How many on here are river rats ????

    • Anonymous
      September 26, 2011 at 12:50 am

      You might find that as a strange question but I live in a small town and my wife and I love to go to the river and fish, boat ride, swim etc. We just found out last week that another guy that goes to the river a lot was just diagnosed with CIDP and a young girl that lives around here was diagnosed with GBS. If it’s only 1 in 100,000-why does it seem to be more and more people getting it ????? Could it be that there are clusters of this in some towns ????? It seems like everyone around here knows someone that has had this…just seems a little odd…thought something might be in the water.

    • Anonymous
      September 26, 2011 at 4:29 pm

      I grew up a few blocks away from the Detroit River. I don’t have CIDP but my daughter does & she has only been to the river once.

      We do live by many lakes though. I believe her CIDP was caused by being exposed to mold & then getting vaccines.


    • Anonymous
      September 27, 2011 at 10:43 am

      I have CIDP. I have 2 cousins with MS, 1 cousin with Lupus, 1 cousin with Fibromyalgia and we all grew up around the detroit area. Makes you wonder what is in the water. It is strange that this is coming out in the cousin line, we are all near and in our 50’s. Nothing like this in our past ancestors. I have told my neuro about this, but he didn’t think anything of it. I always wondered why it is coming out in our family so much.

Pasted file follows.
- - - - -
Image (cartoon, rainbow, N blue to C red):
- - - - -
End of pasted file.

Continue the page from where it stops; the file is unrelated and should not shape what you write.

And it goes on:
Clare in Michigan

    • Anonymous
      September 27, 2011 at 6:45 pm

      One of my daughters had Graves disease and my mother has fibromyalgia, all of which is autoimmune disease.

    • Anonymous
      September 27, 2011 at 7:41 pm

      That’s weird. I live in Manhattan, so I’m surrounded by rivers.


    • September 30, 2011 at 10:49 pm


      It’s good to hear, you are doing better.

      I live in Mid TN as well and spend my fair share of time on the water. Persoanlly I think there is alot more autoimmune conditions out ther due to what we eat, STRESS, increased workload, etc.

      Our rivers are cleaner than they have been in decades. I think food processing could be an issue, but not the rivers.

      Get back out on the river. Swim, catch some fish and if you find the mother lode them call me. I’ll be there in a couple hours!!!

      Take care


    • Anonymous
      October 2, 2011 at 12:40 am